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If the Methuselah star proved to be older than the universe could it be from a previous big bang big crunch cycle in which not everything was crunched? What would be the smallest radius the universe could have without the temperature getting so high that Methusala would be completely ionized and destroyed by a crunch?

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    $\begingroup$ Related: astronomy.stackexchange.com/questions/19446/… $\endgroup$
    – ProfRob
    Nov 3, 2023 at 16:51
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    $\begingroup$ I’m voting to close this question because the premise is false, so no reasonable answer is possible. $\endgroup$
    – James K
    Nov 3, 2023 at 19:03
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    $\begingroup$ @James K Christopher James Huff gave a reasonable answer below that shows my premise is wrong. Methuselah would be expected to have higher metallicity if I had been correct. $\endgroup$
    – user52681
    Nov 3, 2023 at 21:43
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    $\begingroup$ @ProfRob The link you have points out that it is surprising a star like Methusala could form so soon after the Big Bang.Perhaps the explanation relates to why galaxies are too large too soon. $\endgroup$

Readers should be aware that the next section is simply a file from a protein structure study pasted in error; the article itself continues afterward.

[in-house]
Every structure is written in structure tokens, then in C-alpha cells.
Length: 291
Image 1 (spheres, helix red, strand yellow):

– user52681
    Nov 3, 2023 at 21:46
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    $\begingroup$ I find this question interesting mainly for the demonstration of a subtract operation exhibiting total loss of precision. $\endgroup$
    – Joshua
    Nov 6, 2023 at 0:43

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First, if the Big Bang did originate with the collapse of a cyclic universe, the collapse reached densities and temperatures sufficient to not only ionize matter from the previous cycle, but to convert it into a quark-gluon plasma and restart the process of baryogenesis and nucleosynthesis, beginning this cycle with essentially nothing but hydrogen and a small amount of helium. A star would not survive this.

Second, HD 140283 is a metal poor subgiant. This is consistent with formation in the very early universe, before significant metals were formed, and is the opposite of what you'd expect from one of the last stars to form in a previous cycle.

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